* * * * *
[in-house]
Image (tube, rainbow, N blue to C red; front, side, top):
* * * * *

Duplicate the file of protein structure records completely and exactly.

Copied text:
[in-house]
Image (tube, rainbow, N blue to C red; front, side, top):